Quackademic medicine

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Quackademic medicine is a pejorative term used in the science based medicine community for the infiltration of alternative medicine (quackery) into academic medicine, or attempts at “diverting research time, money, and other resources from more fruitful lines of investigation in order to pursue a theory that has no basis in biology”.[1][2] The term was coined by blogger R.W. Donnell.[3]

For example, David Gorski critiqued Brian M. Berman, M.D., founder of the Center for Integrative Medicine, University of Maryland School of Medicine and the holder of multiple NCCAM center grants, and other institutions, for having written "There was nevertheless evidence that both real acupuncture and sham acupuncture were more effective than no treatment and that acupuncture can be a useful supplement to other forms of conventional therapy for low back pain", and castigated editors and peer reviewers at the New England Journal of Medicine for having allowed it to be published, since it effectively recommended deliberately misleading patients in order to achieve a known placebo effect.[4][1]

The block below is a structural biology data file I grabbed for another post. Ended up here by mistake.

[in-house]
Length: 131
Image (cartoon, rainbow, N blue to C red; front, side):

References[edit]

  1. ^ a b >Credulity about acupuncture infiltrates the New England Journal of Medicine, Science Based Medicine, David Gorski, [1]
  2. ^ Acupuncture Pseudoscience in the New England Journal of Medicine, Science Based Medicine, Steven Novella [2]
  3. ^ Exposing Quackery in Medical Education
  4. ^ Acupuncture for Chronic Low Back Pain, New England Journal of Medicine, 2010; 363:454-461, Brian M. Berman, M.D., Helene M. Langevin, M.D., Claudia M. Witt, M.D., M.B.A., and Ronald Dubner, D.D.S., Ph.D.